President Carter flew to Eastern Europe today with pledges of American support for Yugoslavia's independence of the Soviet Union and cautious reaffirmation of his commitments to East-West detente.

Toning down his recent anti-Soviet rhetoric, Carter appeared to suggest a possible way out of the increasingly tense impasse over the Soviet invasion of Afghanistan when he expressed readiness "to explore a transitional arrangement" combined with the pullout of "all Soviet troops," from that country.

Yet White House officials cautioned that the president was not initiating any specific steps toward withdrawal negotiations and that a "transitional arrangement" could take various forms.

Nevertheless, the language of Carter's speech at a state dinner here tonight was strikingly different from his harsh comments following the Western summit in Venice yesterday where he told reporters, "I can't imagine our being involved in a negotiation" about Afghanistan. In Belgrade tonight, he appeared to suggest U.S. willingness to explore just such a possibility.

The president returned to language his aides said he first used last February to suggest a possible way out of the Afghanistan impasse.

"We would be prepared to explore a transitional arrangement, to be implemented along with the prompt withdrawal of all Soviet troops from Afghanistan, for the purpose of restoring peace and tranquility in that suffering country," Carter said.

Carter's national security adviser, Zbigniew Brzexinski, later told reporters that the president's earlier effort to propose a "transitional" phase in Afghanistan "perhaps didn't get the attention it should have had."

Brzezinski described the president's proposal as a signal to Moscow that "the United States will be prepared to consider not only a nonaligned, independent and neutral Afghanistan -- free of Soviet forces -- but also some transitional arrangement designed to provide for security and stability in that country as Soviet forces were withdrawn.

"This is a position that still remains open and our hope is that as the Soviet government increasingly realizes -- and we hope that it does -- that its invasion of Afghanistan is damaging, then these proposals will be considered more seriously," Brzezinski said.

Carter's statement appeared aimed at encouraging the Soviets to turn the partial troop withdrawal they announced last week into the first step of a total withdrawal.

Moreover, his proposal was made before a Yugoslav audience which has a strong interest in both maintaining their country's independence from Moscow and in a relaxation of Soviet-American tensions.

Carter arrived here this morning after two days of staunchly anti-Soviet rhetoric at the Venice economic summit conference. He brought precisely the message the new Yugoslav leadership wanted to hear.

Just beginning to come to terms with the death of President Tito six weeks ago, Yugoslavia sees detente between the Soviet Union and the United States as important to its position as a nonaligned communist nation able to deal freely with both East and West.

The president, who was widely criticized for declining to attend Tito's funeral last month, showered praise on the late Yugoslav leader, calling him "a great man, one of the greatest of the 20th century."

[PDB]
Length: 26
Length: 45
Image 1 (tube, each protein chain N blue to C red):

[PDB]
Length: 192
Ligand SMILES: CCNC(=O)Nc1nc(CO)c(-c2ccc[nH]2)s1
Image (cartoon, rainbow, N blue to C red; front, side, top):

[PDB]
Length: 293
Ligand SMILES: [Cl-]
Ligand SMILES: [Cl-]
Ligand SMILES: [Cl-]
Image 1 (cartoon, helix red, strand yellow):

But more important to the country's current leadership, the president reaffirmed the U.S. commitment to build on what he termed Tito's "precious legacy, a strong, independent and nonaligned Yugoslavia."

"In the past three years, the bonds between our two countries have grown visibly stronger, and I am eager to work with you to make them stronger still," Carter said as he arrived at the airport.

"The United States supports, and will continue to support, the independence, territorial integrity and the unity of yugoslavia. The United States wishes to see an economically prosperous and politically strong Yugoslavia. The United States respects Yugoslavia's nonalignment and admires Yugoslavia's constructive international role."

White House officials provided no details on the substance of Carter's talks with Yugoslavia's new collective leadership. The president told reporters the subjects ranged from the Venice summit conference results and Yugoslavia's position as a leader of the nonaligned nations to economic problems and the Middle East.

The awkwardness felt here in the first weeks of the post-Tito era was evident among Yugoslav officials.President Cvijetin Mijatovic appeared wooden and ill at ease as he greeted Carter at the airport, perhaps because he is president only for this year under the new system of rotating the presidency annually among various officials.

But the president's public reception was all that he could have hoped for. Thousands lined Belgrade streets to watch him pass, and while they were generally reserved, they seemed genuinely pleased to see Carter.

The president, in turn, seemed to enjoy the reception thoroughly. After a solemn wreath-laying at Tito's grave. and in between the official talks, he had lunch with his wife Rosalynn at an outdoor cafe where excited diners applauded him. He planted a tree in Belgrade's Friendship Park and briefly danced with a colorful troupe of folk dancers that had entertained him.

Carter will leave Wednesday for Madrid and another one-day visit to a European country. He is to return to Washington Thursday after a final stop in Lisbon.